- The Washington Times - Saturday, June 24, 2006

JAKARTA, Indonesia — The World Health Organization has detailed the first evidence that the deadly bird-flu virus mutated and spread from person to person within a family, but specialists said yesterday the genetic change does not increase the threat of a pandemic.

The investigation said the H5N1 mutation occurred in a 10-year-old Indonesian boy who was part of the largest cluster ever reported. The first case in the family, a woman, is thought to have been infected by poultry. She then likely passed the virus to the boy and five other blood relatives.

The boy is then thought to have infected his father, whose samples showed the same mutation, according to the WHO report. Only one infected family member survived.

“It stopped. It was dead end at that point,” said Tim Uyeki, an epidemiologist from the U.S. Centers for Disease Control and Prevention.

Mr. Uyeki, who was part of the investigating team, stressed that viruses are always changing, and there was no reason for this mutation to raise alarm because the virus has not developed the ability to spread easily among people.

U.N. bird-flu chief David Nabarro said the findings emphasized the importance of continuous monitoring of the H5N1 virus in both humans and poultry.

“We were fortunate in that the change that took place did not result in sustained human-to-human transmission,” he said by telephone yesterday. “This is a vivid reminder of the need to keep a very close watch on what the virus is doing.”

Specialists fear the H5N1 virus could eventually mutate into a highly contagious form that spreads easily among people, sparking a global pandemic. The current virus remains hard for people to catch, and most human cases have been traced to contact with sick birds. Scientists think limited human-to-human transmission has occurred in a handful of other clusters, all of which involved close contact.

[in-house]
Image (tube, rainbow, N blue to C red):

The WHO report was distributed during a three-day meeting in Jakarta attended by some of the world’s top bird-flu specialists. Indonesian officials called the closed-door session to ask for help in coping with the virus, which has infected more people in Indonesia this year than anywhere else — killing an average of one person every 2 days last month.

Keiji Fukuda, WHO’s coordinator for the Global Influenza Program in Geneva, said the cluster in Indonesia last month drew international attention because of its size.

“What we’re really looking for is the kind of human-to-human transmission which can cause large neighborhood outbreaks and big community outbreaks,” he said. The virus in Sumatra island did not spread beyond the eight blood relatives.

Indonesia’s Welfare Minister Aburizal Bakrie reiterated that the government needs $900 million over the next three years to fight bird flu, which is entrenched in poultry stocks across the archipelago of 220 million people.

The virus has killed at least 130 persons worldwide since it began ravaging Asian poultry stocks in late 2003. Indonesia has had 39 deaths, second to Vietnam, where 42 persons have died.

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